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Poult Sci. 2012 Jan;91(1):26-40. doi: 10.3382/ps.2011-01635.

Predicting the environmental impacts of chicken systems in the United Kingdom through a life cycle assessment: egg production systems.

Author information

  • 1School of Agriculture, Food, and Rural Development, Newcastle University, Newcastle upon Tyne, NE1 7RU United Kingdom. ilkka.leinonen@newcastle.ac.uk


The aim of this study was to apply a life cycle assessment (LCA) method, from cradle to gate, to quantify the environmental burdens per 1,000 kg of eggs produced in the 4 major hen-egg production systems in the United Kingdom: 1) cage, 2) barn, 3) free range, and 4) organic. The analysis was based on an approach that applied a structural model for the industry and mechanistic submodels for animal performance, crop production, and nutrient flows. Baseline feeds representative of those used by the UK egg production industry were used. Typical figures from the UK egg production industry, feed intake, mortality of birds, farm energy, and material use in different systems were applied. Monte Carlo simulations were used to quantify the uncertainties in the outputs and allow for comparisons between the systems. The number of birds required to produce 1,000 kg of eggs was highest in the organic and lowest in the cage system; similarly, the amount of feed consumed per bird was highest in the organic and lowest in the cage system. These general differences in productivity largely affected the differences in the environmental impacts between the systems. Feed production, processing, and transport caused greater impacts compared with those from any other component of production; that is, 54 to 75% of the primary energy use and 64 to 72% of the global warming potential of the systems. Electricity (used mainly for ventilation, automatic feeding, and lighting) had the second greatest impact in primary energy use (16-38%). Gas and oil (used mainly for heating in pullet rearing and incineration of dead layer birds) used 7 to 14% of the total primary energy. Manure had the greatest impact on the acidification and eutrophication potentials of the systems because of ammonia emissions that contributed to both of these potentials and nitrate leaching that only affected eutrophication potential. The LCA method allows for comparisons between systems and for the identification of hotspots of environmental impacts that could be subject to mitigation.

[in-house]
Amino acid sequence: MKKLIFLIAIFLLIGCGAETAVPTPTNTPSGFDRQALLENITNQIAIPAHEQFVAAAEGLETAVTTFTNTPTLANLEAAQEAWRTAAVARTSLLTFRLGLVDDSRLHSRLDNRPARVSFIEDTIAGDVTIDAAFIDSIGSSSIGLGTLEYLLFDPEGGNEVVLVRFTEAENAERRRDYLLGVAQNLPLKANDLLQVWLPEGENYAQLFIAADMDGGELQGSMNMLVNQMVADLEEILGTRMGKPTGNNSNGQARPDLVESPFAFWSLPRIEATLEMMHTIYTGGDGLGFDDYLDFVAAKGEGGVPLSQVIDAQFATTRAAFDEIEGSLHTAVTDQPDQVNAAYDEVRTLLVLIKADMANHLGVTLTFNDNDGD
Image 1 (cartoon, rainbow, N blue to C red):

[PubMed - indexed for MEDLINE]
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